I'm trying to subclass an ndarray so that I can add some additional fields. When I do this however, I get new odd behavior when my object is passed to a variety of numpy functions. For example nanmin returns now return an object of the type of my new array class, whereas previously I'd get a float64. Why? Is this a bug with nanmin or my class?
gives:
but
Note the change in type, and also that str(np.nanmin(r)) shows 1 field, not 11 as indicated by its shape. This seems wrong. Is there a way to get my subclass to behave more like an ndarray? I realize from the docs that I can override __array_wrap__, but its not clear me how how to use it to solve this issue. Or whether its the right tool. In case you're interested, I'm subclassing because I'd like to track column names in matrices of a single type. This is pretty common wish in scikit pipelines. Structured arrays and record type arrays allow for varying type. Pandas provides this functionality, but dealing with numpy arrays is easier (and more efficient) when writing cython extensions. Also, I think the structured arrays and record types are unlikely to play nice with cython because they're more freely typed -- I want to deal exclusively with arrays of doubles. Any thoughts of how to subclass ndarray and keep original behavior in ufuncs? _______________________________________________ NumPy-Discussion mailing list [hidden email] https://mail.scipy.org/mailman/listinfo/numpy-discussion |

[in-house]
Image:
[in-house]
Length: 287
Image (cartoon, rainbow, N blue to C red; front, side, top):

Hi Stuart,
It certainly seems correct behaviour to return the subclass you created: after all, you might want to keep the information on `columns` (e.g., consider doing nanmin along a given axis). Indeed, we certainly want to keep the unit in astropy's Quantity (which also is a subclass of ndarray). On the shape: shouldn't that be print(np.nanmin(r).shape)?? Overall, I think it is worth considering very carefully what exactly you try to accomplish; if different elements along a given axis have different meaning, I'm not sure it makes all that much sense to treat them as a single array (e.g., np.sin might be useful for one column, not not another). Even if pandas is slower, the advantage in clarity of what is happening might well be more important in the long run. All the best, Marten p.s. nanmin is not a ufunc; you can find it in numpy/lib/nan_functions.py _______________________________________________ NumPy-Discussion mailing list [hidden email] https://mail.scipy.org/mailman/listinfo/numpy-discussion |
You might also want to consider writing a wrapper object that contains an ndarray as a (possibly private) attribute and then presents different views or interpretations of that array. Subclassing ndarray is a pit of snakes, it's best to avoid it if you can (I say as the author and maintainer of an ndarray subclass). On Tue, Nov 15, 2016 at 1:48 PM, Marten van Kerkwijk <[hidden email]> wrote: Hi Stuart, _______________________________________________ NumPy-Discussion mailing list [hidden email] https://mail.scipy.org/mailman/listinfo/numpy-discussion |
In reply to this post by Marten van Kerkwijk
Doh! Thanks for that. On Tue, Nov 15, 2016 at 10:48 AM, Marten van Kerkwijk <[hidden email]> wrote: Hi Stuart, _______________________________________________ NumPy-Discussion mailing list [hidden email] https://mail.scipy.org/mailman/listinfo/numpy-discussion |
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